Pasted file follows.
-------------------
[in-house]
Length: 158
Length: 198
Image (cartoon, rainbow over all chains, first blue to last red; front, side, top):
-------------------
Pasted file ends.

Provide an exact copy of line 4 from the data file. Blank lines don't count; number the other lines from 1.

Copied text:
Image (cartoon, rainbow over all chains, first blue to last red; front, side, top):